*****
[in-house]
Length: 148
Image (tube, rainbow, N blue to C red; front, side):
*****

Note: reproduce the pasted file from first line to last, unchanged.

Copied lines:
[in-house]
Length: 148
Image (tube, rainbow, N blue to C red; front, side):